ISIS says London attacker was one of its ‘soldiers’
London — Police investigating the deadliest terror attack in central London in 12 years have arrested seven people and searched six addresses, Britain’s most senior counter-terror police officer said Thursday.
Inquiries are continuing in London, Birmingham and other parts of the country, Mark Rowley said.
Four people died.
ISIS says attacker, 52-year-old Khalid Masood, was one of its ‘soldiers.’
The victims were a police officer protecting Parliament, a woman in her mid-40s and a man in his mid-50s, Rwly said.
The woman killed has been identified as Aysha Frade, a 43-year old Spanish teacher, the mayor of the Spanish town of Betanzos, Ramon Garcia Vasquez, told CNN.
Aysha’s family and relatives live in the town.
The attacker, who rammed a car into pedestrians on Westminster Bridge before attempting to storm the Houses of Parliament, was shot dead at the scene.
The area, the heart of the British government since the 16th century, was teeming with Londoners and visitors.
Twenty-nine people were treated in hospital, seven of whom are still in a critical condition, Rowley said.
There were also a number of “walking wounded,” he said. Many of the injured were tourists, including a school party from France.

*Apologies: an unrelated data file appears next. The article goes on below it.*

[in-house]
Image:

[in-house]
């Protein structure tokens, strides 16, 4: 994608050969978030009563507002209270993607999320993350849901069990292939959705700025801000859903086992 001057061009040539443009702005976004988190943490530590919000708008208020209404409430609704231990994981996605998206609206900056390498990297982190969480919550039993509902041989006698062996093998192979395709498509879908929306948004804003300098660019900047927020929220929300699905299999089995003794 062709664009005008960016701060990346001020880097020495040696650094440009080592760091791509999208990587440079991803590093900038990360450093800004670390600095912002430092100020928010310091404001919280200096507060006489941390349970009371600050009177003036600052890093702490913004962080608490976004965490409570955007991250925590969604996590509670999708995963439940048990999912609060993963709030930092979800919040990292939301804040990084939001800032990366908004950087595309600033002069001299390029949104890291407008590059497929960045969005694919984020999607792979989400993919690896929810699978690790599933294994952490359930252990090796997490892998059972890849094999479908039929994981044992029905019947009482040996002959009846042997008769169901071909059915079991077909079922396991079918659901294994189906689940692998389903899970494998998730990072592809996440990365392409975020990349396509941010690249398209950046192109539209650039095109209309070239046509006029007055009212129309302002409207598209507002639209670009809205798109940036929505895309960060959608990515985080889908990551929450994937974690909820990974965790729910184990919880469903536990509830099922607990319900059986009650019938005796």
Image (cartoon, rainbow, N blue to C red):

• The Paris prosecutor opens an investigation into the London attack after three French nationals were injured.
• The House of Commons reopens after lawmakers hold a moment’s silence to remember the victims of the attack.
• Addresses are searched in Birmingham and elsewhere and a number of arrests are made.
Hundreds of detectives worked through the night, Rowley said, with their investigation focused on the attacker’s motivation, preparation and associates.
“It is still our belief — which continues to be borne out by our investigation — that this attacker acted alone yesterday and was inspired by international terrorism,” he said. “To be explicit, at this stage, we have no specific information about further threats to the public.”
A UK official told CNN the working theory was that the attack was ISIS “inspired or copycat”, but the authorities were “still investigating.” He added, “Values and community cohesion are now most important — this is kind of a test case.”
A candlelit vigil will be held Thursday evening in Trafalgar Square, not far from Westminster, to show solidarity and remember the victims, the office of London Mayor Sadiq Khan said in a statement.
“London is the greatest city in the world. We will never be cowed by terrorism. We stand together, in the face of those who seek to harm us and destroy our way of life. We always have, and we always will,” it said.